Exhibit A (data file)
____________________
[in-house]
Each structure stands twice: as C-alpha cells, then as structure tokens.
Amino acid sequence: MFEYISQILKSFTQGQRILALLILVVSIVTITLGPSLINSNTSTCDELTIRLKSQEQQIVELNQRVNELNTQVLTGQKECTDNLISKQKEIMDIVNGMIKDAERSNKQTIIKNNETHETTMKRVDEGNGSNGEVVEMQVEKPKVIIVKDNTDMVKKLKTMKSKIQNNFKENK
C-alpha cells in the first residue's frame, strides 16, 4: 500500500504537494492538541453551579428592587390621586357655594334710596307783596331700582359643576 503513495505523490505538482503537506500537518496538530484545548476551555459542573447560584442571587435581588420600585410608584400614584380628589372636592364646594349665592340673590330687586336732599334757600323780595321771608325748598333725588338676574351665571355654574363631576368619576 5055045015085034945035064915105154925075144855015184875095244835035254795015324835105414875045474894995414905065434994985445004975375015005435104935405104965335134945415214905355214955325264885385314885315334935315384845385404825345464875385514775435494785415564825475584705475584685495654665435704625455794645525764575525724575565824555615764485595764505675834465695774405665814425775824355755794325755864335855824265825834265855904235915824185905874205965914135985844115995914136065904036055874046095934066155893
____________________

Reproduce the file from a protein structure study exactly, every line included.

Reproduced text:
[in-house]
Each structure stands twice: as C-alpha cells, then as structure tokens.
Amino acid sequence: MFEYISQILKSFTQGQRILALLILVVSIVTITLGPSLINSNTSTCDELTIRLKSQEQQIVELNQRVNELNTQVLTGQKECTDNLISKQKEIMDIVNGMIKDAERSNKQTIIKNNETHETTMKRVDEGNGSNGEVVEMQVEKPKVIIVKDNTDMVKKLKTMKSKIQNNFKENK
C-alpha cells in the first residue's frame, strides 16, 4: 500500500504537494492538541453551579428592587390621586357655594334710596307783596331700582359643576 503513495505523490505538482503537506500537518496538530484545548476551555459542573447560584442571587435581588420600585410608584400614584380628589372636592364646594349665592340673590330687586336732599334757600323780595321771608325748598333725588338676574351665571355654574363631576368619576 5055045015085034945035064915105154925075144855015184875095244835035254795015324835105414875045474894995414905065434994985445004975375015005435104935405104965335134945415214905355214955325264885385314885315334935315384845385404825345464875385514775435494785415564825475584705475584685495654665435704625455794645525764575525724575565824555615764485595764505675834465695774405665814425775824355755794325755864335855824265825834265855904235915824185905874205965914135985844115995914136065904036055874046095934066155893